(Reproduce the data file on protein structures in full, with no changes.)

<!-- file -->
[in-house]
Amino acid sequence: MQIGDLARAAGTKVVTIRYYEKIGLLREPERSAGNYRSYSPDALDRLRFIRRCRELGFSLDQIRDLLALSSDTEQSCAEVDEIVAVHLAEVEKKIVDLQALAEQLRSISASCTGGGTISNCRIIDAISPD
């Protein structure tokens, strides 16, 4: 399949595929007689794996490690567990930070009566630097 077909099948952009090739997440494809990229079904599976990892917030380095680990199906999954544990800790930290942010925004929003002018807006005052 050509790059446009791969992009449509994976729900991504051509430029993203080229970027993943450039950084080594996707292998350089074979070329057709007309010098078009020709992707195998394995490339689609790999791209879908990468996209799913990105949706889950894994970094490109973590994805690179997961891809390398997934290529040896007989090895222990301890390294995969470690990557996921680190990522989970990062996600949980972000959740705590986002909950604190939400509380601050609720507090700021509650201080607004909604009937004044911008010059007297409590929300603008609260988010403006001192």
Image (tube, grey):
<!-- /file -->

[in-house]
Amino acid sequence: MQIGDLARAAGTKVVTIRYYEKIGLLREPERSAGNYRSYSPDALDRLRFIRRCRELGFSLDQIRDLLALSSDTEQSCAEVDEIVAVHLAEVEKKIVDLQALAEQLRSISASCTGGGTISNCRIIDAISPD
């Protein structure tokens, strides 16, 4: 399949595929007689794996490690567990930070009566630097 077909099948952009090739997440494809990229079904599976990892917030380095680990199906999954544990800790930290942010925004929003002018807006005052 050509790059446009791969992009449509994976729900991504051509430029993203080229970027993943450039950084080594996707292998350089074979070329057709007309010098078009020709992707195998394995490339689609790999791209879908990468996209799913990105949706889950894994970094490109973590994805690179997961891809390398997934290529040896007989090895222990301890390294995969470690990557996921680190990522989970990062996600949980972000959740705590986002909950604190939400509380601050609720507090700021509650201080607004909604009937004044911008010059007297409590929300603008609260988010403006001192």
Image (tube, grey):